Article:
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Alberta cuts fiscal surplus forecast after introducing tax break

(Bloomberg) — Alberta cut its budget surplus forecast by nearly CA$1 billion ($750 million) after it introduced a slew of tax breaks and welfare benefits to help residents of the oil-rich province cope with higher prices.

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The province’s surplus will be CA$12.3 billion in the current fiscal year ending March, up from CA$13.2 billion estimated in August, according to the government in its mid-year financial update.

The smaller surplus reflects a C$2.5 billion increase in spending, including a C$1.3 provision to cover inflation measures announced by Prime Minister Danielle Smith on Tuesday. These include a six-month suspension of the state fuel tax, support for parents and other relief benefits.

Alberta gives $1.8 billion in inflation support as oil money rolls in

The actions will also result in expenditure accruals totaling $1.2 billion in the fiscal 2023-24 budget and $300 million in the 2024-25 budget.

Alberta, which has the world’s third-largest oil reserves, is benefiting from oil prices that rose as high as $130 a barrel after the Russian invasion of Ukraine but have since fallen below $80.

The new forecast surplus is almost 24 times larger than the original forecast of a surplus of $515 million in February. The province posted a deficit of C$16.9 billion for the previous fiscal year ended March 2022 amid depressed oil prices and falling energy investments during the Covid-19 pandemic.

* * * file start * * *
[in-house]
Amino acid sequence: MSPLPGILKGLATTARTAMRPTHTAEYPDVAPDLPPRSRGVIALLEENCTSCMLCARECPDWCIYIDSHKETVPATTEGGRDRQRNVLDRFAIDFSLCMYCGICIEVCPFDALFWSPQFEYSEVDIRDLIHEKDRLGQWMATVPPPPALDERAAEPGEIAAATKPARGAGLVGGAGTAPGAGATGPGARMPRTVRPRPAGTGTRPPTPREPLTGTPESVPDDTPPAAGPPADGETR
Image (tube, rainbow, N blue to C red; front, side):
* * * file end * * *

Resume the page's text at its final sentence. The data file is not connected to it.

Other highlights of the fiscal update include:

  • Revenue in 2022-23 is forecast at CAD$76.9 billion

  • Real gross domestic product will grow by 4.8% this year and by 2.7% next year

  • Taxpayer-supported debt is expected to be CA$79.8 billion at the end of the current fiscal year, down CA$10.3 billion from the previous estimate

  • Update expects West Texas Intermediate crude to average $91.50 a barrel in the current fiscal year, down $1 from the first quarter forecast

  • Canadian heavy crude oil’s discount to WTI has widened to more than $25 a barrel amid refinery disruptions and oil releases from strategic petroleum reserves

  • Revenues from non-renewable resources, including hydrocarbon royalties, will reach $28.1 billion in the current fiscal year, falling to $19.2 billion in 2023-24 and $16 billion in 2024-25 when energy prices fall

  • The government confirms that it will repay $13.4 billion in debt in the current fiscal year

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